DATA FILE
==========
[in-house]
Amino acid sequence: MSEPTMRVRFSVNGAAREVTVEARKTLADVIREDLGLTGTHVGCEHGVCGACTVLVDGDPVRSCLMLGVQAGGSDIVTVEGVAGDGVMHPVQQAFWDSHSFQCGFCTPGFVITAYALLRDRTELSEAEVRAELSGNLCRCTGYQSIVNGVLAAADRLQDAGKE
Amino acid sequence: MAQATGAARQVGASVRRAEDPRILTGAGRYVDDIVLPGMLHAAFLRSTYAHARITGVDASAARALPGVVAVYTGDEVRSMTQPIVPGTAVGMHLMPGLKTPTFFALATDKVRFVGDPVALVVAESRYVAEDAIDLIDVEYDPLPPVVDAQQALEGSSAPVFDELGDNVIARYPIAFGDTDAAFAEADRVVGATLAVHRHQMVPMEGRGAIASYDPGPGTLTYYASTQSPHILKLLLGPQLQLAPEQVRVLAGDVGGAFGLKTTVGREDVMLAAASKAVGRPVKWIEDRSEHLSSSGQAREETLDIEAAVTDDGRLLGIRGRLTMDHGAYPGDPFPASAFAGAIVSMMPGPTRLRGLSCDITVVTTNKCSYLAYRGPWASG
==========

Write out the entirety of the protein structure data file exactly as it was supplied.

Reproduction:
[in-house]
Amino acid sequence: MSEPTMRVRFSVNGAAREVTVEARKTLADVIREDLGLTGTHVGCEHGVCGACTVLVDGDPVRSCLMLGVQAGGSDIVTVEGVAGDGVMHPVQQAFWDSHSFQCGFCTPGFVITAYALLRDRTELSEAEVRAELSGNLCRCTGYQSIVNGVLAAADRLQDAGKE
Amino acid sequence: MAQATGAARQVGASVRRAEDPRILTGAGRYVDDIVLPGMLHAAFLRSTYAHARITGVDASAARALPGVVAVYTGDEVRSMTQPIVPGTAVGMHLMPGLKTPTFFALATDKVRFVGDPVALVVAESRYVAEDAIDLIDVEYDPLPPVVDAQQALEGSSAPVFDELGDNVIARYPIAFGDTDAAFAEADRVVGATLAVHRHQMVPMEGRGAIASYDPGPGTLTYYASTQSPHILKLLLGPQLQLAPEQVRVLAGDVGGAFGLKTTVGREDVMLAAASKAVGRPVKWIEDRSEHLSSSGQAREETLDIEAAVTDDGRLLGIRGRLTMDHGAYPGDPFPASAFAGAIVSMMPGPTRLRGLSCDITVVTTNKCSYLAYRGPWASG